|Who is it?||Physicist|
|Birth Day||October 06, 1903|
|Birth Place||Dungarvan, Irish|
|Age||117 YEARS OLD|
|Died On||25 June 1995(1995-06-25) (aged 91)\nBelfast, Northern Ireland|
|Alma mater||Trinity College, Dublin Trinity College, Cambridge|
|Known for||The first disintegration of an atomic nucleus by artificially accelerated protons ("splitting the atom")|
|Awards||Hughes Medal (1938) Nobel Prize in Physics (1951)|
|Institutions||Trinity College Dublin University of Cambridge Methodist College Belfast Dublin Institute for Advanced Studies|
|Doctoral advisor||Ernest Rutherford|
"One way to learn the mind of the Creator is to study His creation. We must pay God the compliment of studying His work of art and this should apply to all realms of human thought. A refusal to use our intelligence honestly is an act of contempt for Him who gave us that intelligence"— V. J. McBrierty (2003): Ernest Thomas Sinton Walton, The Irish Scientist, 1903-1995, Trinity College Dublin Press.)
Ernest Walton was born in Abbeyside, Dungarvan, County Waterford to a Methodist minister father, Rev John Walton (1874–1936) and Anna Sinton (1874–1906). In those days a general clergyman's family moved once every three years, and this practice carried Ernest and his family, while he was a small child, to Rathkeale, County Limerick (where his mother died) and to County Monaghan. He attended day schools in counties Down and Tyrone, and at Wesley College Dublin before becoming a boarder at Methodist College Belfast in 1915, where he excelled in science and mathematics.
In 1922 Walton won scholarships to Trinity College, Dublin for the study of mathematics and science. He was awarded bachelor's and master's degrees from Trinity in 1926 and 1927, respectively. During these years at college, Walton received numerous prizes for excellence in physics and mathematics (seven prizes in all), including the Foundation Scholarship in 1924. Following graduation he was awarded an 1851 Research Fellowship from the Royal Commission for the Exhibition of 1851 and was accepted as a research student at Trinity College, Cambridge, under the supervision of Sir Ernest Rutherford, Director of Cambridge University's Cavendish Laboratory. At the time there were four Nobel Prize laureates on the staff at the Cavendish lab and a further five were to emerge, including Walton and John Cockcroft. Walton was awarded his PhD in 1931 and remained at Cambridge as a researcher until 1934.
During the early 1930s Walton and John Cockcroft collaborated to build an apparatus that split the nuclei of lithium atoms by bombarding them with a stream of protons accelerated inside a high-voltage tube (700 kilovolts). The splitting of the lithium nuclei produced helium nuclei. This was experimental verification of theories about atomic structure that had been proposed earlier by Rutherford, George Gamow, and others. The successful apparatus – a type of particle accelerator now called the Cockcroft-Walton generator – helped to usher in an era of particle-accelerator-based experimental nuclear physics. It was this research at Cambridge in the early 1930s that won Walton and Cockcroft the Nobel Prize in physics in 1951.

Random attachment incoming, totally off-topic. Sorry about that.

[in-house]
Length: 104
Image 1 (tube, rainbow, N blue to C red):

Ernest Walton married Freda Wilson (1903–1983), daughter of an Irish Methodist minister, on 23 August 1934. They had five children, Dr Alan Walton (college lecturer in physics, Magdalene College, Cambridge), Mrs Marian Woods, Professor Philip Walton, Professor of Applied Physics, National University of Ireland, Galway, Jean Clarke and Winifred Walton. He was a longtime member of the board of governors of Wesley College, Dublin.
Walton and John Cockcroft were recipients of the 1951 Nobel Prize in Physics for their "work on the transmutation of the atomic nuclei by artificially accelerated atomic particles" (popularly known as splitting the atom). They are credited with being the first to disintegrate the lithium nucleus by bombardment with accelerated protons (or hydrogen nuclei) and identifying helium nuclei in the products in 1930. More generally, they had built an apparatus which showed that nuclei of various lightweight elements (such as lithium) could be split by fast-moving protons.
Walton was associated with the Dublin Institute for Advanced Studies for over 40 years, e,g., serving long periods on the board of the School of Cosmic Physics and on the Council of the Institute. Following the 1952 death of John J. Nolan, the inaugural chairman of the School of Cosmic Physics, Walton assumed the role, and served in that position until 1960, when he was succeeded by John H. Poole.
The "Walton Causeway Park" in Walton's native Dungarvan was dedicated in his honour with Walton himself attending the ceremony in 1989. After his death the Waterford Institute of Technology named a large building the ETS Walton Building and a plaque was placed on the site of his birthplace.
Although he retired from Trinity College Dublin in 1974, he retained his association with the Physics Department at Trinity up to his final illness. His was a familiar face in the tea-room. Shortly before his death he marked his lifelong devotion to Trinity by presenting his Nobel medal and citation to the college. Ernest Walton died in Belfast on 25 June 1995, aged 91. He is buried in Deansgrange Cemetery, Dublin.